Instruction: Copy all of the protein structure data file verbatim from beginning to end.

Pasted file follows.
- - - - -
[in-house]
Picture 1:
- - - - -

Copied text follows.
[in-house]
Picture 1: